When he fished out cheques worth millions of to compensate integrated Internally Displaced Persons (IDPs) in Nyamira and Kisii counties, President Uhuru Kenyatta knew his ratings would shoot up across the Abagusii community.
During his tour, the President issued Sh358 million and Sh460 million cheques to 7,000 and 9,100 integrated IDPs in Kisii and Nyamira counties respectively. This translates to an average Sh50,000 to each of the IDPs.
The IDPs, uprooted from their homes during the 2007/08 post-poll chaos, have waited for this payout for more than 10 years, long after their colleagues from Central and Rift Valley had been resettled. They have been holding demonstrations over the delayed compensation.
But the millions appear to have opened a Pandora’s Box and exposed the Jubilee administration to harsh criticism, not only from the Opposition, but from thousands of other IDPs from Nyanza and Western who feel sidelined in the government’s resettlement plans.
They are questioning the criteria used in paying their Kisii and Nyamira colleagues while leaving them out. The payment has run into headwinds amid claims impostors have had their names included in the list and want to share the money.
Last week, State officials had to put on hold the compensation because the list was full of fake IDPs. On the day President Uhuru was issuing the cheques in Kisii, Opposition MPs, led by Ugunja MP Opiyo Wandayi and his Homa Bay Town counterpart Peter Kaluma were addressing a press conference in Nairobi accusing him of using the plight of IDPs to gain political mileage.
They questioned the motive of keeping IDPs from particular communities waiting for over ten years only to be paid during campaigns. They also wanted to know the source of money being used to pay the IDPs.
The MPs claimed the President was issuing the cheques to woo the more than 700,000 votes from the community.
A day after the Nyamira and Kisii payouts, IDPs who integrated with their relatives and friends in Migori, Homa Bay, Kisumu and Siaya counties also demanded their share.
It has emerged that victims from Nyanza and Western regions say they have not been compensated since 1992, 1997 and 2007 clashes. Those flashed out of Mt Elgon, Trans Nzoia, Uasin Gishu through evictions are now lining up to seek their ‘dues’.
In Siaya and Kisumu, integrated IDPs, many of whom fled their homes from Naivasha, Molo and Nakuru, held press conferences to demand for payment from the government.
President Uhuru’s belated charm offensive in Kisii and Nyamira counties in which he distributed more than Sh800 million has exposed his government to criticism and is likely to affect his ratings in Western.
“The President did well by issuing the payments to our colleagues in Kisii and Nyamira, but what about us? I never heard him mention Siaya or Kisumu anywhere in his speech. When will he give us our cheques?” posed Siaya IDPs coordinator Maurice Ooro. More than 9,000 IDPs from Kisumu met at Kombewa Market on Thursday and threatened to march to State House to demand their pay. “We will not rest until we also get our dues. Why should the government discriminate against its own people?” asked Dan Mbeme, the Kisumu IDPs coordinator.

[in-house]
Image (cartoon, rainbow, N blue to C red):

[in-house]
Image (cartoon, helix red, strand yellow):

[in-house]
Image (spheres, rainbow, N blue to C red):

Coming just two months to the elections, the payouts are seen as a campaign strategy for Jubilee. But the President said all IDPs who had not been compensated will get their share and directed the National coordinator of IDP resettlement, Mr Allan Wachu to ensure all victims are paid.
According to the IDPs resettlement plan, each household was to receive Sh400,000 for land purchases, construction costs and perhaps start-up capital for businesses.
In September 2013, the President and his deputy President William Ruto launched a Sh3.2 billion Cash Payment Programme for IDPs and each household was to receive Sh400,000. The government shut all IDP camps in Rift Valley and Central regions in February last year after paying out Sh 17.5 billion to 28,924 who were in various camps.
The compensation of the integrated IDPs was among the several demands made to the President by the Kisii leaders ahead of the 2017 political campaigns.
Speaking during the handing over of the cheques at Ekerenyo and Masimba in Nyamira and Kisii counties respectively, the President said the government had made a deliberate move to resettle all IDPs.
“We need to forget about the past and move on as a united nation. This has been a thorny issue in our country but we must choose to remain united never again to turn against each other,” said President Uhuru. Jubilee leaders in Kisii have commended the government’s compensation plans saying nothing will stop them from rallying the community to vote for the President.
“Regardless of our political affiliations we must applaud what the President has done. We cannot casually dismiss the cash given. It is unfair to fight to receive an equal share with other IDPs in other parts of the country,” said Kisii Senator Chris Obure, who is vying for governor on Jubilee Party.
Mr Obure said those criticising the President’s move are alive to the fact that no amount of money is enough to cater for challenges facing the IDPs. “The government was only intending to show compassion and that they care about their plight,” he said.
Kitutu Masaba MP Timothy Bosire also took a swipe at the compensation issue saying for four years the government never gave them an ear.
“The Government cannot run away from the fact that the IDPs payment is being used as bait for our people. They have only bowed to pressure at the tail end of their term hoping they will get more votes from the region,” said Bosire.